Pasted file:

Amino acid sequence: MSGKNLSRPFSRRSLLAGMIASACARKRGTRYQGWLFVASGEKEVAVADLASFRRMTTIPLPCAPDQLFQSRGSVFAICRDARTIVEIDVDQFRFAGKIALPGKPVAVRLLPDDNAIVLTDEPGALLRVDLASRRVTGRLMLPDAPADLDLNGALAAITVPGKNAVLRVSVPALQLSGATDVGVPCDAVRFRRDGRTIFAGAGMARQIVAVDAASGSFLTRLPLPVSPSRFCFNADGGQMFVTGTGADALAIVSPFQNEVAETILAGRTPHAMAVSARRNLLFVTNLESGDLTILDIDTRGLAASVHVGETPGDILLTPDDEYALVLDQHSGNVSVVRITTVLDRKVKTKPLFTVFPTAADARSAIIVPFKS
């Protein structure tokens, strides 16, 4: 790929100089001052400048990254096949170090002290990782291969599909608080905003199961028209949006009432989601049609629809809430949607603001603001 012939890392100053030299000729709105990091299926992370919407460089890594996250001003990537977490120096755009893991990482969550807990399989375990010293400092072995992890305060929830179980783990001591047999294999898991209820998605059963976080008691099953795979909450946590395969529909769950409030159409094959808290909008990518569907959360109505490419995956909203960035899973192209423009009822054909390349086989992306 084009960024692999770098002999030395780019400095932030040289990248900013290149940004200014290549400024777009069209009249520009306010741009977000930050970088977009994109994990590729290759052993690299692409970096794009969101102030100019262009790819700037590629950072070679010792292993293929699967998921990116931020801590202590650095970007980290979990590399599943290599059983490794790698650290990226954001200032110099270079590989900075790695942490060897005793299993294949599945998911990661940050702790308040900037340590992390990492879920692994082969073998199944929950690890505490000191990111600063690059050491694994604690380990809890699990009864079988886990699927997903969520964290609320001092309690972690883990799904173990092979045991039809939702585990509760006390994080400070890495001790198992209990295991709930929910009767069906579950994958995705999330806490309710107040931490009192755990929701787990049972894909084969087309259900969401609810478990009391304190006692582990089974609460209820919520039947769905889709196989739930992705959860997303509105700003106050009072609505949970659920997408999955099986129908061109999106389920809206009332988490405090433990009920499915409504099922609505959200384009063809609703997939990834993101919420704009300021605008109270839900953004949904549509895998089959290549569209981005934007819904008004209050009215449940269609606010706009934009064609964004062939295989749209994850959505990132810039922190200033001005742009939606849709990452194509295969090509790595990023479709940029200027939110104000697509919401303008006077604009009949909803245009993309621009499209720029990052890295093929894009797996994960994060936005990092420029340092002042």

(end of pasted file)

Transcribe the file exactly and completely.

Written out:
Amino acid sequence: MSGKNLSRPFSRRSLLAGMIASACARKRGTRYQGWLFVASGEKEVAVADLASFRRMTTIPLPCAPDQLFQSRGSVFAICRDARTIVEIDVDQFRFAGKIALPGKPVAVRLLPDDNAIVLTDEPGALLRVDLASRRVTGRLMLPDAPADLDLNGALAAITVPGKNAVLRVSVPALQLSGATDVGVPCDAVRFRRDGRTIFAGAGMARQIVAVDAASGSFLTRLPLPVSPSRFCFNADGGQMFVTGTGADALAIVSPFQNEVAETILAGRTPHAMAVSARRNLLFVTNLESGDLTILDIDTRGLAASVHVGETPGDILLTPDDEYALVLDQHSGNVSVVRITTVLDRKVKTKPLFTVFPTAADARSAIIVPFKS
């Protein structure tokens, strides 16, 4: 790929100089001052400048990254096949170090002290990782291969599909608080905003199961028209949006009432989601049609629809809430949607603001603001 012939890392100053030299000729709105990091299926992370919407460089890594996250001003990537977490120096755009893991990482969550807990399989375990010293400092072995992890305060929830179980783990001591047999294999898991209820998605059963976080008691099953795979909450946590395969529909769950409030159409094959808290909008990518569907959360109505490419995956909203960035899973192209423009009822054909390349086989992306 084009960024692999770098002999030395780019400095932030040289990248900013290149940004200014290549400024777009069209009249520009306010741009977000930050970088977009994109994990590729290759052993690299692409970096794009969101102030100019262009790819700037590629950072070679010792292993293929699967998921990116931020801590202590650095970007980290979990590399599943290599059983490794790698650290990226954001200032110099270079590989900075790695942490060897005793299993294949599945998911990661940050702790308040900037340590992390990492879920692994082969073998199944929950690890505490000191990111600063690059050491694994604690380990809890699990009864079988886990699927997903969520964290609320001092309690972690883990799904173990092979045991039809939702585990509760006390994080400070890495001790198992209990295991709930929910009767069906579950994958995705999330806490309710107040931490009192755990929701787990049972894909084969087309259900969401609810478990009391304190006692582990089974609460209820919520039947769905889709196989739930992705959860997303509105700003106050009072609505949970659920997408999955099986129908061109999106389920809206009332988490405090433990009920499915409504099922609505959200384009063809609703997939990834993101919420704009300021605008109270839900953004949904549509895998089959290549569209981005934007819904008004209050009215449940269609606010706009934009064609964004062939295989749209994850959505990132810039922190200033001005742009939606849709990452194509295969090509790595990023479709940029200027939110104000697509919401303008006077604009009949909803245009993309621009499209720029990052890295093929894009797996994960994060936005990092420029340092002042």